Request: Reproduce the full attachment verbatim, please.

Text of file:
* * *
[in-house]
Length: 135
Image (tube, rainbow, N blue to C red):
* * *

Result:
[in-house]
Length: 135
Image (tube, rainbow, N blue to C red):